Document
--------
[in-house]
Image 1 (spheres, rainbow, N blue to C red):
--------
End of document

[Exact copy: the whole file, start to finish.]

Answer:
[in-house]
Image 1 (spheres, rainbow, N blue to C red):